So, back to the trees…at first glance I don’t see much cohesion here, although the most common denominator is that I used photos in 5 out of 8 of them and I used a photographic reference for the 3 remaining ones.  There is a predominance of winter trees – 5 out of 8. BUT…a consistent voice is missing, although 2 of them are part of the same series and they do have a familiar characteristics. The Grieving Tree and Winter Wonder are  part of the “Au Naturale” series that speaks to our natural world, my surroundings – a look at the vulnerability of our natural world, an expression of my hope to see it preserved and cared for. Land Speaks, a small study is, perhaps, the precurser to this series and it does have the seeds of a grid style using somewhat abstracted photos and the same subject matter. So, perhaps a voice begins to emerge. Perhaps.

I hope you will join in with your own thoughts and experiences about this subject as I go along. Please feel free to add your observations to this document in the comments section.

Here are some really good articles and blogs on this subject that I’ve read recently that you may be interested in:

Excerpt from Art Inc.: The Essential Guide for Building Your Career as an Artist by Lisa Congdon. All illustrations in this post were created by Lisa, too.

Finding Your Artist’s Voice By Bonny Pierce Lhotka
10 Questions That Will Help You Find Your Voice by Todd Henry

ART AND QUILTS, COGITATIONS THEREON The List of Important Features by Elizabeth Barton.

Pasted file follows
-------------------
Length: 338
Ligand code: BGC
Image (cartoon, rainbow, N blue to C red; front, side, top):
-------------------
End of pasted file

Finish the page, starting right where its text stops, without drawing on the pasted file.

10 thoughts on “An Artist’s Voice. Part 1.

  1. Great post and topic! I’ll be turning 65 this year and also still looking for my voice. Like you, I’ve done a lot of art/crafts. I really would like to drill deeper in specific fabric art, but I end up getting interested in something else. Maybe I’m one of those jack of all trades – master of none. Thanks for the links and I’ll be following your journey.


    1. Thanks for the feedback Lynda! Yes, I get bored with doing the same type of thing repeatedly and move on to something different as soon as I finish one piece. BUT, I’ve made a commitment to to do this! I’m all in now!


  2. I have been reading your blog for a couple of years and I think you have a voice and have had it for a sometime. If I look at the pieces you put in the last post most of them form a coherent group. The voice is the in the subject matter and its execution. Your subjects are often, natural forms, especially trees and birds, and in your execution there are distinctive color choices, repetition of certain shapes, lines, divisions of space, movements, textures, and use of photographic materials, and that’s all without taking into account that they are quilted fabric works!

    Of course, artists make works that stick out, or don’t fit, but maybe they just don’t work or maybe they are the start of another series!

    I enjoy your blog. Best wishes, Diana aka sviewave


  3. yes, most excellent article you’ve written! and I agree with sviewave, it is apparent that you have a clear and distinct ‘voice’ to your work. I think, sometimes, we can’t hear the sound of our own voice as clearly as another can hear it. I like how you are Persistent 🙂 persistence pays off!